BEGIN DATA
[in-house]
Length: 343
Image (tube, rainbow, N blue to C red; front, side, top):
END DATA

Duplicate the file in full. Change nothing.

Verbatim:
[in-house]
Length: 343
Image (tube, rainbow, N blue to C red; front, side, top):